For co-morbid anxiety, depression, and OCD, this patient was given duloxetine, in addition to clonazepam for the myoclonus and dystonia. She was given orphenadrine citrate and paracetamol as needed which provided relief from her upper back pain.
Genetic testing involving Sanger sequencing of all SGCE exons and exon-intron boundaries revealed a nonsense mutation in exon 6 of the SGCE gene (c.821C > A; p.Ser274*) in the patient. This mutation has not been reported to date, neither in myoclonus-dystonia patients nor in over 150,000 individuals from the Genome Aggregation Database (gnomAD) .
Patient 2 (father of the index patient)
A 49-year-old Greek man who was clinically diagnosed with alcohol-responsive myoclonus-dystonia with an age at onset of 16 years old. Upon examination, he was noted to have involuntary myoclonic jerks on his upper extremities, a postural tremor on his left upper extremity, cervical dystonia, and abnormal posturing of his hands when writing. He observed improvement of his myoclonic jerks and posturing with intake of alcohol. A series of administered questionnaires resulted in the following scores: Hamilton Anxiety Rating Scale: 3 (mild anxiety), Hamilton Depression Rating Scale: 3 (normal), Montgomery and Asberg Depression Rating Scale: 0 (normal) and Yale-Brown Obsessive Compulsive Scale: 0 (normal). The patient was given clonazepam for his myoclonic jerks and dystonia which improved his symptoms. Targeted Sanger sequencing of SGCE exon 6 in this patient revealed the same nonsense mutation (c.821C > A; p.Ser274*) as in his daughter (Patient 1).
Discussion and conclusions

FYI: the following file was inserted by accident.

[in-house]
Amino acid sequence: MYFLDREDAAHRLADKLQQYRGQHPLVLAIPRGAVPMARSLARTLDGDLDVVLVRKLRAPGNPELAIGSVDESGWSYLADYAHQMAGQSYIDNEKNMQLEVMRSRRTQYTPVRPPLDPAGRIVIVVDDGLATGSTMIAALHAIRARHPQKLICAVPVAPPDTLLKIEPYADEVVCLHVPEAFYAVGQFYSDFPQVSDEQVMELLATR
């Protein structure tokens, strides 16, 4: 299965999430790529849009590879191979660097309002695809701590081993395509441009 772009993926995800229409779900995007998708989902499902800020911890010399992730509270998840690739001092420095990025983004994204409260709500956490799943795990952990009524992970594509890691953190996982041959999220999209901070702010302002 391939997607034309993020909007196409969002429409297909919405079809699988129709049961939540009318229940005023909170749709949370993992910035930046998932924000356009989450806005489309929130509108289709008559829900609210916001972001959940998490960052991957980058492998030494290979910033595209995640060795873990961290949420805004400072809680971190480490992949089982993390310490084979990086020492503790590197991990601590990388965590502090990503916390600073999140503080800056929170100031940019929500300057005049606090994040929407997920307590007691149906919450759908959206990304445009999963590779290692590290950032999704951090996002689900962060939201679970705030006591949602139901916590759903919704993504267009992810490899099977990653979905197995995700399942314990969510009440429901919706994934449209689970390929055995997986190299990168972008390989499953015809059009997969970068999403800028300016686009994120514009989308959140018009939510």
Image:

We have presented the case of a 21-year old, Filipino-Greek female with myoclonic jerks involving her upper extremities, head, and trunk with accompanying dystonia in her left hand, mild to moderate anxiety, moderate depression, and mild OCD. Upon review of her family history, it was noted that her Greek father and a distant paternal uncle likewise presented with similar symptoms, signifying a high likelihood of paternal transmission. Upon gene testing, it was revealed that she had myoclonus-dystonia caused by the SGCE mutation (classified DYT-SGCE (OMIM 159900)). She has a 9-month-old half-sister, likewise Filipino-Greek, who is currently asymptomatic. Counseling was provided for the patient and her family as well as close monitoring for symptoms as her younger sister may develop the aforementioned movement disorder in the near future. It is intriguing to consider whether a bi-ethnic origin of our patient would influence the transmission and the expression of the disease. The literature search revealed no genetic or functional study of a myoclonus-dystonia patient with a bi-ethnic origin. Nevertheless, given that the SGCE gene has been found to be maternally imprinted and thus expressed only from the paternal allele in numerous patients worldwide, there is no reason to assume that the Greek or Filipino ethnicity would influence this epigenetic phenomenon.